Britain’s communications regulator has revoked the licence of Russian state broadcaster RT “with immediate effect” amid investigations of its coverage of Russia’s war in Ukraine.
The regulator, Ofcom, said in a statement on Friday that it did not consider RT’s licensee, ANO TV Novosti, to be “fit and proper” to hold a UK broadcast licence.
Ofcom said Friday’s decision followed 29 ongoing investigations into the impartiality of RT’s news and current affairs coverage of Russia’s full-scale invasion of Ukraine.
The regulator said it noted new laws in Russia which “effectively criminalise any independent journalism that departs from the Russian state’s own news narrative”, particularly in relation to the invasion of Ukraine.
It added: “We consider that, given these constraints, it appears impossible for RT to comply with the due impartiality rules of our broadcasting code in the circumstances.”
“We have concluded that we cannot be satisfied that RT can be a responsible broadcaster in the current circumstances. Ofcom is therefore revoking RT’s licence to broadcast with immediate effect,” the regulator said.
Ofcom Chief Executive Dame Melanie Dawes said: “Freedom of expression is something we guard fiercely in this country, and the bar for action on broadcasters is rightly set very high. Following an independent regulatory process, we have today found that RT is not fit and proper to hold a licence in the UK.”
The RT news website is currently still up and running.
The broadcaster reacted by accusing the regulator of being nothing but a tool of the British government.
“Ofcom has shown the UK public, and the regulatory community internationally, that despite a well-constructed facade of independence, it is nothing more than a tool of government, bending to its media-suppressing will,” Anna Belkina, RT’s deputy editor in chief, told Reuters news agency.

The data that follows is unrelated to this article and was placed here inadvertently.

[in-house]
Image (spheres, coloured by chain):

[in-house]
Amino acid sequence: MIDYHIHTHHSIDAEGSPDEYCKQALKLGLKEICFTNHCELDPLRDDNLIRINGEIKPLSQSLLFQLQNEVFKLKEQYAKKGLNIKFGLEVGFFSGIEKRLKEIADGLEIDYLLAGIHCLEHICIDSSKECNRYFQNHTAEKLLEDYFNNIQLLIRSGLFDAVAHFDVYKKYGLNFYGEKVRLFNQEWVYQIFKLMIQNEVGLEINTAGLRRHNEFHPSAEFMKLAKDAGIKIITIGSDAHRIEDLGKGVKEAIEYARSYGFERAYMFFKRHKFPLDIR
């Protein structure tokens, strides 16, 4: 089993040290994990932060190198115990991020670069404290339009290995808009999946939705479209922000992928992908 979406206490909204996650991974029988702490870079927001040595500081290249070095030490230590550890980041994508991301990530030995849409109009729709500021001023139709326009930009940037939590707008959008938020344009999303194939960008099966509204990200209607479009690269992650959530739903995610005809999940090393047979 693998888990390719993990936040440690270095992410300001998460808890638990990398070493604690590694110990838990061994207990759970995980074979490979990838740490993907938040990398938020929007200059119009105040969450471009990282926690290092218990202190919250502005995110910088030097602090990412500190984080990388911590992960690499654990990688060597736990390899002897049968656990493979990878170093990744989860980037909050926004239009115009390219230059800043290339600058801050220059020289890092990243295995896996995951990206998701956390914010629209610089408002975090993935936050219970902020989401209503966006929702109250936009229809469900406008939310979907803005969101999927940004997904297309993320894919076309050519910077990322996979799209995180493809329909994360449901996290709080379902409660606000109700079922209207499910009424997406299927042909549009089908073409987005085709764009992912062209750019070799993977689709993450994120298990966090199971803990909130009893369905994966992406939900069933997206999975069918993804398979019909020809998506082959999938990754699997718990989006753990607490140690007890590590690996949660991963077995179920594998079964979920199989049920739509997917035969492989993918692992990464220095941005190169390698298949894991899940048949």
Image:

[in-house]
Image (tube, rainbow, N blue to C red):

“By ignoring RT’s completely clean record of four consecutive years and stating purely political reasons tied directly to the situation in Ukraine and yet completely unassociated to RT’s operations, structure, management or editorial output, Ofcom has falsely judged RT to not be ‘fit and proper’ and in doing so robbed the UK public of access to information,” she said.
“This is a continuation of the madness which is going on in America and Europe – it is anti-Russian madness,” Kremlin spokesman Dmitry Peskov told reporters on Friday. “This is yet another step that crudely limits freedom of speech.”
The pro-Kremlin channel has been taken off the air in the UK in recent weeks following the European Union’s action, because satellite companies based in Europe provide the RT feed to British platforms. But Ofcom had not revoked its licence until Friday.
Ofcom has previously fined RT 200,000 pounds ($263,000) for past due impartiality breaches.
The licence ban will prompt fears of reprisals by the Kremlin against British broadcasters still operating in Russia, including the BBC and Sky News.
RT, which launched its dedicated UK channel in 2014, has been consistently accused of parroting Russian government propaganda.
British politicians and other public figures have faced criticism for appearing on the network.
Scotland’s former first minister Alex Salmond announced last month he was suspending his show on RT after Moscow launched its invasion of Ukraine.
At the same time, UK Prime Minister Boris Johnson told parliament that Culture Secretary Nadine Dorries had asked Ofcom to review the channel’s broadcasting licence.
In a letter to the regulator, she urged the agency to take “timely and transparent” action against RT, which she warned seeks to spread “harmful disinformation”.